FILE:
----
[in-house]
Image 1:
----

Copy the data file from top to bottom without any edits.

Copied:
[in-house]
Image 1: